Cape Scott West Coast Vancouver Island

Rounding Cape Scott: Let the Adventure Begin!

Friday, July 19, 2013S.V. CAMBRIA

A bull orca in Queen Charlotte Sound

We were up up early to depart Fury Cove by seven o’clock . . . all of us except Sally who has become increasingly difficult to rouse.  Like most teenagers, she prefers to sleep until noon (she gets that from her father).  But with a little coaxing (and possibly dragging) we got the job done and departed for Sea Otter Cove along the West Coast of Vancouver Island at 7:15 am – not too shabby . . . for us, anyway. 

We had overcast skies with a light northwesterly breeze and generally good sea conditions with a low northwesterly swell through Queen Charlotte Sound, becoming a low southwesterly swell once we rounded Cape Scott, the top of Vancouver Island.  Along the way, we saw several humpback whales through the sound and three large bull orcas (travelling solo) in the open waters past the cape, which always helps make the passage go by faster and today we the needed help – 62 nautical miles (close to 10 hours) all under motor. 

Rounding Cape Scott, the top of Vancouver Island

The weather and sea conditions around Cape Scott, where dangerous rocks and shoals surround the coastline, are infamous.  It’s here that the currents from the West Coast meet those of Queen Charlotte Sound and have their own particular rips, including waves that break or “dance” for no apparent reason during calm weather.  When wind opposes tide, the currents can produce heavy seas and overfalls.  The wind can change direction and severity quickly, and squalls can form or die down within an hour or less.  To minimize any effect we might feel from the cape, we gave the shore a four mile offing and tried to arrive at or near slack tide, but needn’t have.  Today the conditions were kind.  And, as we continued down the coast to our destination, our excitement grew:  This was it.  The West Coast of Vancouver Island.  After months of planning and waiting, we’d finally arrived.  And the change was immediately evident.  The coast is reputed to be true wilderness, and it definitely feels like it.

Approaching the entrance to Sea Otter Cove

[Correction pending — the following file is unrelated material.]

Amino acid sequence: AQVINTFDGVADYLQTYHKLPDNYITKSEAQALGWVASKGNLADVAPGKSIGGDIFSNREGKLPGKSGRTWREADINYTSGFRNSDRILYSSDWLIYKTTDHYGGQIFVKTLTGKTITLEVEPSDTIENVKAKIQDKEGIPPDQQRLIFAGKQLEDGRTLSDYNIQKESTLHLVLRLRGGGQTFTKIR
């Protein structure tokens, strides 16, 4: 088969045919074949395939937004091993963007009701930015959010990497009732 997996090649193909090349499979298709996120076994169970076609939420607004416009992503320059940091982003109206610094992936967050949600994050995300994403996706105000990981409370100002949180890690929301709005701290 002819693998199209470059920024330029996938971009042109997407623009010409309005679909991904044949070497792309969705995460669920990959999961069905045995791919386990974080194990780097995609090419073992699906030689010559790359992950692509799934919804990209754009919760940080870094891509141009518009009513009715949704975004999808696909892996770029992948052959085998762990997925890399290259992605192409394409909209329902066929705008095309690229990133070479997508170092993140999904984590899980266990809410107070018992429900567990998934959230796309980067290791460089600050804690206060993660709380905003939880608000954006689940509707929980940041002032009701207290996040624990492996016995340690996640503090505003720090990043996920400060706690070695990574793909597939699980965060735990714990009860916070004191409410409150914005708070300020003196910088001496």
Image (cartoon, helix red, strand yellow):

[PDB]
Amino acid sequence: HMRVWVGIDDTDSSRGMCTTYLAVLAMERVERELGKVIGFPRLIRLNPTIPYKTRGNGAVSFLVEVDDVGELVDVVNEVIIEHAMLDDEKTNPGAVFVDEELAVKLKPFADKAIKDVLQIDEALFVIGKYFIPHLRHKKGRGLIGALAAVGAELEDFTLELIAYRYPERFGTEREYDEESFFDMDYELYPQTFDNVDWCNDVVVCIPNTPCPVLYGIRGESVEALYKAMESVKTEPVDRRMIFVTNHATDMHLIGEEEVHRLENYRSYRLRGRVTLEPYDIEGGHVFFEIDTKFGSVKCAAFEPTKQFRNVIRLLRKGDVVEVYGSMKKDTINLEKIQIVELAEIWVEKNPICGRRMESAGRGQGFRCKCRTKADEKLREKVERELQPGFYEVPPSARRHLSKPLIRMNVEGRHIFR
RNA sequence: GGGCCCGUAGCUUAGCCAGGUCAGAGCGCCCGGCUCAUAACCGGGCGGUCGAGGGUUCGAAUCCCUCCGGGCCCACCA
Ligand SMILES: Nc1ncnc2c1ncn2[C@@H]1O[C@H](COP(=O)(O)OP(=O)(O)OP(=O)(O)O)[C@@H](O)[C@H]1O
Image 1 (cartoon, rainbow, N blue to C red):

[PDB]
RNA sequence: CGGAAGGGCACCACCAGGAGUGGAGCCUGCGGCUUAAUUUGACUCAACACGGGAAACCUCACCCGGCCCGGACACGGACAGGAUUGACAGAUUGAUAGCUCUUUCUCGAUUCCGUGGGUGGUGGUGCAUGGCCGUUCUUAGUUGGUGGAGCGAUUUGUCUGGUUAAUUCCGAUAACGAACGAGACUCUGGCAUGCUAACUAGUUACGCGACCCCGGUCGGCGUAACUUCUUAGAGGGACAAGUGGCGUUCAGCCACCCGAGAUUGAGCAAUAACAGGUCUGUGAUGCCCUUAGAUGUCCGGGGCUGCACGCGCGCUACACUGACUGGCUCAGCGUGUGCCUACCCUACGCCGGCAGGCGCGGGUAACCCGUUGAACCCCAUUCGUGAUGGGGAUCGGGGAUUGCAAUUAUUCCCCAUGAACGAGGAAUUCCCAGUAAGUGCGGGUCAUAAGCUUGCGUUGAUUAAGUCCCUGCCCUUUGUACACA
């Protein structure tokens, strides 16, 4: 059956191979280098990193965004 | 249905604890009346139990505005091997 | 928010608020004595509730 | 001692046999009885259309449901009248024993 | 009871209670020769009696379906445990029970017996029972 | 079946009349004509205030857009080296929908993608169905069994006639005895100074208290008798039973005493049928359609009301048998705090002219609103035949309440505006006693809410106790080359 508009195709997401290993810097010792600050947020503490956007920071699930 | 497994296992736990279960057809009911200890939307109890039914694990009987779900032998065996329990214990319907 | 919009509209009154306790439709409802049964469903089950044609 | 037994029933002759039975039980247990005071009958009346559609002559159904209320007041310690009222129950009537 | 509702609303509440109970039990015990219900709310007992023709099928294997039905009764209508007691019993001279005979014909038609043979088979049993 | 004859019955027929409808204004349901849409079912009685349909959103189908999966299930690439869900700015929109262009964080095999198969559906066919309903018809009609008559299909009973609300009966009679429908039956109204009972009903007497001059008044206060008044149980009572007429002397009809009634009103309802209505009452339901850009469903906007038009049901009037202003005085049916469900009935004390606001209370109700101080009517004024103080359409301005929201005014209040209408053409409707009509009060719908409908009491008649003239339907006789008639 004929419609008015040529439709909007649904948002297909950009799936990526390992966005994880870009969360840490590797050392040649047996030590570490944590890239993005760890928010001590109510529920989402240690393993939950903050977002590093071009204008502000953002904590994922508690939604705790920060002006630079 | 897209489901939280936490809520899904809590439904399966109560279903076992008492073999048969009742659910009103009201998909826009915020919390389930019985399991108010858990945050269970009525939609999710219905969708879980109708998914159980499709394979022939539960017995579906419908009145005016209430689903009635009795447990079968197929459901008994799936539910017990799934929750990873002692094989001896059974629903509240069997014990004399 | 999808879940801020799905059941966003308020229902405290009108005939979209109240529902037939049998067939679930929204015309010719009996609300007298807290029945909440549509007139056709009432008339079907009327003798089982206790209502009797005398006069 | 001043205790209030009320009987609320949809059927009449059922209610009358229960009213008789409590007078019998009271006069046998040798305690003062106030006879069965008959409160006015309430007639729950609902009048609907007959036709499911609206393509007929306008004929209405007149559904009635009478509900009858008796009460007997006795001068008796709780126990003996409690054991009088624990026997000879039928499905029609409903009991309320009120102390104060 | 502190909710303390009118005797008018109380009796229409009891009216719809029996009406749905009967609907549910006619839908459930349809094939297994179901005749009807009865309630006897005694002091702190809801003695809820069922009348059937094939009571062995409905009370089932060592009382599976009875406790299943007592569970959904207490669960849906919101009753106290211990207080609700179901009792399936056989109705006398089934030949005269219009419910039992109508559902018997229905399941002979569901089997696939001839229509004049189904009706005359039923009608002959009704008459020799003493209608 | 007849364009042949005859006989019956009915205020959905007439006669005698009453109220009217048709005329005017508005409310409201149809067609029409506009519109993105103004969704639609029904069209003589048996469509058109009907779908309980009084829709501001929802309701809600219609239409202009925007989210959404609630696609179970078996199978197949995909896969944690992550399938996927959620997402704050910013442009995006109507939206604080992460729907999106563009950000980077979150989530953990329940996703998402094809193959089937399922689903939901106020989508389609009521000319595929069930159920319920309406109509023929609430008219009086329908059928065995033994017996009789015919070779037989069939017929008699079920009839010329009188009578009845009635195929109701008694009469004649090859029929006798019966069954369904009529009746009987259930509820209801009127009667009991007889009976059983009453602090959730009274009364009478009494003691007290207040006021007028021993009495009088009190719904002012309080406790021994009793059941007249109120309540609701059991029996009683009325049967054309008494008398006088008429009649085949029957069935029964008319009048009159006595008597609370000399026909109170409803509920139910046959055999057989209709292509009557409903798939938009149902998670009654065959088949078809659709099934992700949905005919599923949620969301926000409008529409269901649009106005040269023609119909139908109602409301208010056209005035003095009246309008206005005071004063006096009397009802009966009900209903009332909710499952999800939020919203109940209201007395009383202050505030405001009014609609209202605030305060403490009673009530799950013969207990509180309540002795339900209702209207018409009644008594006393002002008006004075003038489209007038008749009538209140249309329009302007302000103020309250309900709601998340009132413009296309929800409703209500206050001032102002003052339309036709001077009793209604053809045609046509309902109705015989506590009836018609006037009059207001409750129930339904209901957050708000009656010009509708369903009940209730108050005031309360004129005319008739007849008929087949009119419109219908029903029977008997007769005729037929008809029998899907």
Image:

The first protected anchorage along the way is Sea Otter Cove where the entrance is shallow and kelp-ridden in places but fairly straight-forward until you’re inside the basin – then it becomes quite tricky.  There are several shoal areas within the inlet and the actual depths appear much less than those indicated on the charts.  To make matters more difficult, the water is murky so you can’t see the approaching shoals, and the depth alarm went off more than once as we motored through the unmarked channel.  The change came as a shock, at least to me.  For the past five years we’ve been travelling (and anchoring) in deep waters, now suddenly there’s only a few feet to spare under our keel.

Though the bay itself is surrounded by hills that have been heavily logged and isn’t much to look at, there’s a lot to explore around Sea Otter Cove – from the Helen Islands near the entrance to Lowrie Bay, a white sand beach on the Pacific by way of a 1.5 mile primitive trail.  But if you’re expecting to see otters, you’re in the wrong place.  It was named after the Sea Otter, commanded by Captain James Hanna who visited the cove in 1786 and gave it its name.  He was one of the early explorers involved in the trade which decimated the population.  Otters were re-introduced to the coast in the 1970s, but haven’t returned to the cove yet:  Can’t say that we blame them.  

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